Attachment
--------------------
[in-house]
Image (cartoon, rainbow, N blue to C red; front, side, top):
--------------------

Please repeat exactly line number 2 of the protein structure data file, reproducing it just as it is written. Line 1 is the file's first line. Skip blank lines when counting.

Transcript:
Image (cartoon, rainbow, N blue to C red; front, side, top):